Mike Pence accused of black voter suppression in Indiana

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After the Indiana State Police raided the offices of the Indiana Voter Registration Project (IVRP)—Indiana's largest voter registration operation—earlier this month as part of a particularly fast-moving investigation into voter fraud in the state, the group behind IVRP is accusing Indiana governor Mike Pence, Donald Trump's running mate, of suppressing the voters of black Hoosiers.


Political advocacy group Patriot Majority USA, which is affiliated with Senate Majority PAC (which supports Democrats in senate races) and is the IVRP's sponsor, has begun buying radio ads in Indiana, saying that Pence is "leading an attack" against his "own citizens." Craig Varoga, director of Patriot Majority USA, told the Washington Post that some 45,000 people—most of them black—could be deprived of the chance to vote on election day. IVRP is based in Indianapolis, which is approximately 16% more African-American than the state is overall.

The State Police's investigation into voter fraud in the state began in August after the Secretary of State's office received a notice from elections officials in a suburban Indianapolis county that some voter registration applications seemed faulty. The investigation was expanded from nine of the state's 92 counties to 56 just after the raid on IVRP's offices.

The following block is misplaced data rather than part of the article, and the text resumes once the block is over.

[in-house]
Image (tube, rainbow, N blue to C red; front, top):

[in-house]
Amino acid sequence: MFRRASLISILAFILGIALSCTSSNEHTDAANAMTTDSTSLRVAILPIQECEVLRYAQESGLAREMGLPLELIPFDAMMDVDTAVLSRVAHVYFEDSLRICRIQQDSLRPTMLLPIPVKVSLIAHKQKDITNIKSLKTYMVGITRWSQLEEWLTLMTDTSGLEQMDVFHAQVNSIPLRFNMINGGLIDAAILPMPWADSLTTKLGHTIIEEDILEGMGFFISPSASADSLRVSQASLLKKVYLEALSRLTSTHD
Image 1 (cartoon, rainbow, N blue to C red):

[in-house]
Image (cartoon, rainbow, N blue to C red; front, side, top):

Mike Pence has touted the investigation on the campaign trail, saying last week in Iowa that, “In the state of Indiana, we have a pretty vigorous investigation into voter fraud going on right now. And I encourage you here in Iowa, let’s be sure that our state officials are upholding the principle of ‘one person, one vote’ and the best antidote to that is to be involved in the election process. If you are concerned about voter integrity and you haven’t signed up to be a poll watcher, to volunteer at a polling place to be a part of the integrity of that process, then you need to do it.”

The Trump-Pence campaign's repeated vows to install "poll watchers" at polling places, mostly in Pennsylvania, have similarly worried voting rights groups. Trump has repeatedly made insinuations that the results of the election will be "rigged"—which many of his supporters have taken to heart.

The State Police have said in a statement that they identified ten fraudulent registration applications, which Vargora chalked up to "minor inaccuracies" such as incorrect or missing area codes and ZIP codes. His group has requested the Civil Rights Division of the Department of Justice look into the case. And, as researchers have repeatedly found, in-person voting fraud does not exist.

Sam Stecklow is the Weekend Editor for Fusion.